Contact Your Representatives in Congress
If you think that we need strong coal ash protections, and realize that state agencies alone won’t do the job, then take a few minutes to send a letter or email to your legislators in Washington.
Dear [Senator or Representative Name],
Coal ash is polluting waters across the country, yet nothing is being done to protect communities exposed to dangerous toxic chemicals. In the Southeast alone there are 450 impoundments holding roughly 118 billion gallons of the toxic waste; that’s enough to cover 300,000 football fields a foot deep! The majority of these coal ash impoundments are unlined, located close to waterways, and have been found to leach toxic heavy metals into ground and surface water.
Time and again since the devastating 2008 Kingston coal ash disaster, Congress has attempted to move bills that are industry handouts disguised as coal ash cleanup efforts. They lack enforceable deadlines to permit or close dangerous and leaking coal ash dumps, they contain weak cleanup standards, and include permanent bans on EPA’s ability to set federally enforceable safeguards. By ignoring the need for federal safety standards to ensure that coal ash lagoons are properly lined and safe from failure, we will do absolutely nothing to prevent another large-scale disaster like the collapse of the Kingston coal ash impoundment, which spilled one billion gallons of toxic coal ash, flooded a nearby community and destroyed 300 acres and two dozen homes.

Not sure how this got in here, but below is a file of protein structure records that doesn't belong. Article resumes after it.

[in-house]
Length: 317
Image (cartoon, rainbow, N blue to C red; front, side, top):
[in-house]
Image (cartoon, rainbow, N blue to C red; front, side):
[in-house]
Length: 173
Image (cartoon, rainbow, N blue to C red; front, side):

This year we may see more efforts to pass legislation such as H.R. 2273 and S.3512, which the Congressional Research Service’s analysis found lacking in a clear purpose and would not ensure state adoption and implementation of standards “necessary to protect human health and the environment.” Bills like these move us further away from strong, federally enforceable safeguards against this toxic menace and threaten EPA’s essential authority to protect Americans from toxic waste.
I urge you to stand up for our health and environment. Protect communities and our drinking water from toxic coal ash by opposing weak, pro-coal industry coal ash bills and any other effort to delay or weaken EPA’s efforts to clean up coal ash. Please be a champion of legislation that would truly protect at-risk communities from coal ash pollutants like arsenic, lead, selenium, mercury and more that are poisoning the waters we drink.